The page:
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NAB survey signals upward trend for retail and services SMEs

The NAB Business Confidence Survey reveals that economic growth slowed down by the end of 2023, despite outperforming expectations earlier in the year.

This slowdown is starting to lead to positive changes in inflation indicators. However, businesses are still careful about the future, expecting growth to stay modest for now.

Business conditions eased further in December, continuing a cooling trend that gradually brought conditions back to around their long-run average over the course of 2023. Survey measures of trading conditions and employment fell in the month, while capacity utilisation also eased. The decline in conditions was led by manufacturing and construction.

Elsewhere, conditions remained weak in retail but remained elevated in the services sectors. Business confidence rebounded on the back of a recovery in retail confidence but remains well below long run average. Importantly, there were clear signs of further easing in input cost pressures in the month – with labour and purchase cost growth easing. Retail price growth also fell sharply. Some price adjustment through the Black Friday and post-Christmas sales period is normal but the improvement in the survey’s seasonally adjusted price measures likely signals some easing in the underlying pace of inflation.

“Conditions eased in December and are now firmly around their long-run average level,” said NAB Chief Economist Alan Oster. “Conditions started 2023 at a very elevated level but gradually eased over the year as the economy slowed.”

“The decline in conditions in December was particularly notable in manufacturing and construction, but conditions rose in recreation & personal services and transport & utilities so there are different movements occurring across sectors.”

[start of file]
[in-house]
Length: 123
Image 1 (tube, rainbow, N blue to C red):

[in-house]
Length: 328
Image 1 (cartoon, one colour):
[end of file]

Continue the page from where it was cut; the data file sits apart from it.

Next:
Business confidence rose 8pts to -1 index points. There was a broad-based lift in confidence, led by mining and retail, while manufacturing edged lower. In trend terms, most industries remained in negative territory with the exception of mining and transport & utilities

“Overall, both confidence and conditions are softest in manufacturing, retail and wholesale which reflects that consumers have been cutting back on spending as time has gone on,” said Mr Oster. “There was an encouraging pickup in confidence in the retail sector in December, but it remains to be seen if this will be maintained.”

Leading indicators were mixed. Forward orders rose 1pt to -3 index points despite large falls in transport & utilities, retail and mining. Capacity utilisation edged lower but at 82.7% remains above average.

Price and cost growth declined sharply in the month. Labour cost growth eased to 1.8% in quarterly equivalent terms (from 2.3% in November), and purchase cost growth declined to 1.6% (from 2.5%). Overall price growth eased to 0.9% (from 1.2%), with retail price growth slowing to 0.6% (from 1.8%).

“There was a marked fall in retail price growth in December,” said NAB Chief Economist Alan Oster. “The sales periods around Black Friday and Christmas likely have played a role here but this is nonetheless an encouraging sign that inflation may have eased at the end of the quarter.”

Business Conditions over December 2023 eased further, maintaining the slow downward trend that occurred over 2023. Business conditions are now at around their long run average. Given forward looking CreditorWatch BRI data, we expect the decline in business conditions to continue through early 2024, and for conditions to remain below the long run average at least until the cash rate starts to fall,” said Anneke Thompson, CreditorWatch’s Chief Economist

“The good news is that price and cost growth declined significantly over the month. Quarterly labour cost growth reduced from 2.3 per cent in November to 1.8 per cent in December and purchase costs reduced from 2.5 per cent to 1.6 per cent over the same time period. This is good news for the inflation outlook, and means that businesses are reporting a noticeable moderation of labour and input costs. Capacity utilisation also fell to 82.7 per cent, down from 83.6 per cent. This measure is a very good forward indicator of unemployment, and means that the unemployment should rise slowly over the first half of this year, as the RBA has forecast.

“Today’s data supports the CreditorWatch November Business Risk Outlook (BRI) forecasts, where we reported a current business failure rate of 4.2 per cent is likely to rise to fail per cent of all businesses by November 2024.”

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